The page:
The splint bones are two thin, sliver-like bones which run along the inside (medial) and outside (lateral) back of the cannon bones in both front and rear limbs. Their thicker “head” make up an important part of the joint between the cannon region (metatarsal behind and metacarpal in front) and carpal and tarsal joints, respectively. The entire lengths of these bones are squeezed up against the the cannon bone and joined to it with a short, very strong ligament that runs the length of the bone.
If there is excessive strain on this short ligament, it can tear. The body responds by laying down a bridge of bone. This bump of bone is known as a splint (sometimes called a “true” splint). Splints start as soft to firm, warm, and painful swellings and progress toward hard, cold painless bumps (known as “cold” splints).
Bony bumps associated with the splint bones can also be caused by direct external trauma such as a kick, or contact by another limb. Some call these “false” splints.
True splints occur far more in horses with abnormal conformation at the hock or carpus. Splints are more commonly associated with the inside splint bone. (If the damage occurs with no outward swelling, these are often called “blind” splints.) Conformation that overloads the inside of the lower limb (knock kneed or bench kneed conformation) are commonly associated with splints.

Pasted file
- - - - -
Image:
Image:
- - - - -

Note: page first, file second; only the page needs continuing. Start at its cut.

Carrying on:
Splints sometimes cause lameness and sometimes do not. Horses that have recently developed a splint are often lame, and the lameness gradually decreases over days to weeks.
Diagnosis requires a veterinary exam. Splints are preliminarily diagnosed by examination of the swelling directly overlying the splint bone (usually in a horse that is conformationally predisposed). Radiographs provide additional confirmation and are useful to rule out splint fractures, which are often managed differently.
Horses with splints gradually recover, usually no matter what we do. Rest and time are the most important treatment. There are many treatments aimed at getting horses back to work more quickly, including local injection of steroids, a variety of topical anti-inflammatories with or without bandaging. Shockwave is also commonly used for these injuries. The question is how much these treatments really help.
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Rest and time takes care of most splints. For performance horses, some therapies may reduce inflammation and swelling, and hasten the return to soundness and work.
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